In the previous chapter, all the relevant factors influencing the retail industry were considered. Currently, the customer requires a complete buying experience, both in the store and on-line. This is the only option that will ultimately make him/her a loyal customer. The loyalty programs represent an important tool in identifying, rewarding and retaining profitable customers [23]. However, the loyalty is not the sole reason behind the purchase, with the most important factor being the value provided to a customer. Therefore, converting from a simple retail to the omni-channel format must be an all- encompassing venture, presented to the customer only upon successful completion. This process cannot be rushed.

There are seven capabilities a retail company needs to get right in order to serve an omni-channel customer [24]:

• Building web and mobile customer experiences with intuitive interfaces, rich content and a great connection to the physical store experience.

• Building the right assortment across channels in a way that makes the most of each channel.

• Marketing effectively across traditional and digital media channels through media allocation, message and promotion coordination, and optimizing each media channel.Developing profitable fulfilment and shipping models.

• Integrating management of inventory across the supply chain, and placing SKUs in the right nodes (stores, distribution centres and fulfilment centres) for rapid delivery at minimum cost.

• Incorporating advanced analytics techniques into day-to-day decision making.

• Building an agile technology development function that is connected to the business and is flexible enough to work across functions.

The retail industry management has a difficult task, to unite all the departments within a  particular company. A great example of adopting this new model is Macy's. In 2010, they announced a new, omni-channel strategy. Macy's found that customers who shop across multiple channels are 8 times more valuable than those who shop confined within a single channel. Therefore, the company invested in both the digital commerce, as well as their stores, utilising the stores as  distribution centres, shipping items directly to online buyers and filling inventory when items are low in stock. Also, the omni-channel position was created within the company, a person directly responsible to the CEO, not only responsible for the digital transformation process, the stores, mobile and online activities, but also for the logistics, the company's overall systems and operating functions. The financial performance of Macy's, due to the actions undertaken and the importance of this deliberate investment, has improved significantly, gaining in market share and rising their stock for 43.1% in 2013. [25].

Another example of a successful digital strategy implementation is the French retailer Carrefour, which offers its customers a wide range of solutions for ordering, delivery or collection. In Italy, a service called “The clicca e ritira” is available, one constantly expanding, with more than 240 points where items can be picked up within an hour of ordering, or delivered at home within three hours.The projections made regarding the reduced influence of brick-and-mortar stores show that e- commerce has yet to achieve a 10% share of the total sales volume. The reasons behind this is that consumers still want to socialize and interact with others, therefore, the stores give them the opportunity to chat with other customers or store personnel, spend their time and touch the products. The classic retailers still earn profitable operating margins, ranging from 5 to 11%. The e-commerce cannot substitute an in-store venture, however, it can help a retail company in being more successful, trough combining both the strategies. Both the e-commerce and brick-and-mortar are indispensable, with the companies under conditions of finding a synergic level between the two.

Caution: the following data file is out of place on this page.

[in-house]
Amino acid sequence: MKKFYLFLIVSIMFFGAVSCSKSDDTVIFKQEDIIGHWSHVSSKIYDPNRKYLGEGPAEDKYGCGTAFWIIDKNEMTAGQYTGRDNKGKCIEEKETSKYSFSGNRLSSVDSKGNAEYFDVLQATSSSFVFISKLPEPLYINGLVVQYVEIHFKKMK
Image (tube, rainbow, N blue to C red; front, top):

4. Conclusions

In this paper, three distinct trends are emphasized: the urbanization process, the aging population and digitalization. These trends will inevitably shape the future and affect all the aspects of life, as well as the global retail industry. The aging population is on the increase, with the fertility at its lowest points, especially in Europe. The socioeconomic gap is constantly increasing and in combination with the demographic impact will be impossible to avoid. The migratory trends of urbanization, with the rural population on the decline, make the current strategies of retail companies no longer feasible. Hypermarkets and supermarkets, historically the largest market shareholders, are decreasing and the retail companies are directed towards smaller formats as convenience stores. The price is no longer a primary purchasing factor, value and high quality are the subject of customer’s need. An average modern customer is quite informed, with the loyalty decreasing in relevance. The future of retail depends on both the effective and efficient use of all the available resources. The multi-channel formats, ones based on the digital transformation process and the creation of smaller formats have a greater probability of success in today’s changing world. The digitization process has to be implemented within each company, in a seamlessly and deliberate fashion. The synergy  of digitization, the physical stores and management remains as the key to retail companies’ success.

Data Availability

The data used to support the findings of this study are available from the corresponding author upon request.

Conflicts of Interest

The authors declare that they have no conflicts of interest.

References
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Plazibat, I. & Dadić, M. (2017). Contemporary Issues in Retail Industry. J. Corp. Gov. Insur. Risk Manag., 4(2), 44-53. https://doi.org/10.56578/jcgirm040203
I. Plazibat and M. Dadić, "Contemporary Issues in Retail Industry," J. Corp. Gov. Insur. Risk Manag., vol. 4, no. 2, pp. 44-53, 2017. https://doi.org/10.56578/jcgirm040203
@research-article{Plazibat2017ContemporaryII,
title={Contemporary Issues in Retail Industry},
author={Ivana Plazibat and Mario Dadić},
journal={Journal of Corporate Governance, Insurance, and Risk Management},
year={2017}
}
Ivana Plazibat, et al. "Contemporary Issues in Retail Industry." Journal of Corporate Governance, Insurance, and Risk Management, v 4, pp 44-53. doi: https://doi.org/10.56578/jcgirm040203
Ivana Plazibat and Mario Dadić. "Contemporary Issues in Retail Industry." Journal of Corporate Governance, Insurance, and Risk Management, 4, (2017): 44-53. doi: https://doi.org/10.56578/jcgirm040203
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©2017 by the authors. Licensee Acadlore Publishing Services Limited, Hong Kong. This article can be downloaded for free, and reused and quoted with a citation of the original published version, under the CC BY 4.0 license.
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Figure 1. The most important factors influencing purchasing behaviour
Table 1. Contribution to global consumption growth (%)